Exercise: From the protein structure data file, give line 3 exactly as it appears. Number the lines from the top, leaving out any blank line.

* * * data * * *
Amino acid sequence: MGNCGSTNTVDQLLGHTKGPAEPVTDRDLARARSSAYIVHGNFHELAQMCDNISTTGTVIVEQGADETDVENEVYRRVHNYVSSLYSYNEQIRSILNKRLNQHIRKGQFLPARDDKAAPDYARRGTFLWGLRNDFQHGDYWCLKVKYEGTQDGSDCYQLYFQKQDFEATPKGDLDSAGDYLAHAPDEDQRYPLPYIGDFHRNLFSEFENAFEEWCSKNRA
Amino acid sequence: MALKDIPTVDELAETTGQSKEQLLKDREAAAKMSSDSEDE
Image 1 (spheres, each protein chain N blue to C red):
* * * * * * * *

Image 1 (spheres, each protein chain N blue to C red):